There are a few reasons Minnesota might be seen as a swing state, wrote FiveThirtyEight writer and analyst Harry Enten in an email. “First, in most recent elections it's been fairly close to the national vote. In 2012, Obama won by 8 as he won by 4 nationally. That's not like in a blue state like Massachusetts where Obama won by over 20 percentage points. On that basis alone, we'd expect the state to be fairly close if the election were close.”
Getting (relatively) less blue
These polls may reflect an underlying change in Minnesota’s electorate: according to one trusted measure of a state’s partisan leanings, Minnesota has become less blue in presidential elections, relative to all U.S. states, over time.
That measure is the Partisan Voting Index (PVI) by the Cook Political Report, a nonpartisan organization that analyzes U.S. elections. This year, Minnesota’s PVI is D+2, which means it’s thought to be 2 percentage points more Democratic than the rest of the U.S. is, on average. In 1994, Minnesota was D+6, but dropped to D+4 in 1998 and D+3 in 2002. In 2006, it dropped to D+2, where it has remained ever since.
“It’s been turning redder, even though Republicans haven’t been winning in the state,” Byler said. “I think of it a little bit similarly to North Carolina, because North Carolina is, according to the Cook Political Voting Index, R+3. When you have a big enough Democratic margin, (they) can peel it off.” (Obama won North Carolina in 2008, but lost it in 2012.)
Remember, too, that despite its track record on presidential elections, Minnesota isn’t all blue. The Minnesota governor’s office and the state House and Senate have switched party control in recent years. Minnesota’s congressional delegation is split, though weighted toward Democrats — there are five Democrats and three Republicans in the House and two Democrats in the Senate.
If this were a different year, we might expect to see the Republican and Democratic presidential candidates running closer to neck-and-neck. If a strong Republican candidate ran for president, Byler thinks they’d have a shot of breaking Democrats’ winning streak in Minnesota.
That candidate is probably not Trump: while it makes sense that Minnesota, as a less racially diverse state, would be a target for a Republican candidate (Minnesota is 85 percent white, and white people have become more solidly Republican in recent years, according to Gallup), Trump has struggled to make inroads with white, college-educated voters, of which there are many in Minnesota, Byler said.
How votes are changing based on college degrees and race — both predictors of how people will vote — is something FiveThirtyEight has been looking into.
On Wednesday, it released a county-by-county analysis of what the U.S. electorate would look like if if one-fifth of the minorities and college-educated whites who voted for Romney and one-fifth of the non-college educated whites who voted for Obama in 2012 switched parties this year. The simulation reflects the fact that Trump has attracted the support of non-college educated whites, while non-whites and college-educated whites are favoring Clinton.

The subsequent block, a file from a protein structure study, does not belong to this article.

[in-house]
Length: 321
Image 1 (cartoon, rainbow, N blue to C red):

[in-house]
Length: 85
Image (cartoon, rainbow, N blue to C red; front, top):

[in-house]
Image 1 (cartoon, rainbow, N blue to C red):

If that happened, several Minnesota counties would flip from blue to red, diminishing Clinton’s margin of victory in Minnesota.
“Trump's strength is with white voters without a college degree,” Enten wrote. “That's where he's doing better than Romney. There are a lot of those in Minnesota (especially up in the Iron Range). Therefore, there's at least a decent shot he'll pull closer to his national numbers in Minnesota. That would result in a close race in Minnesota if the election nationally is close.”
Any changes in the way Minnesotans are voting probably aren’t enough to flip the electoral votes because she’s up by so many points, at least for now. The two most recent polls conducted in Minnesota — one by Google Consumer Surveys and another by CVOTER International — which were conducted through Sunday, show Clinton leading by more than those same polls conducted previously.
Clinton has consistently been leading in the polls in Minnesota, said Michael Cohen, adjunct professor and chief data scientist for the PEORIA Project at George Washington University’s Graduate School of Political Management.
“That’s something I look at as a pollster — is it going up and down?” he said.
Despite the changes to the partisan leanings of Minnesota’s electorate, for it to become a true battleground state this year, “something extraordinary is going to have to happen on the Clinton side,” Cohen said, pointing to a possibility of something that could sway the electorate coming out of WikiLeaks, which has been releasing a steady stream of hacked Clinton emails, or a comment like Romney’s 47 percent one in 2012 that would “reinforce everyone’s view of her in a very negative way.”
This year, pollsters say Clinton is likely to be the eleventh consecutive Democratic presidential contender to win in Minnesota. But if Minnesota voters continue to get less liberal compared to the rest of the U.S., it may not be a sure win for Democratic presidential candidates in the future.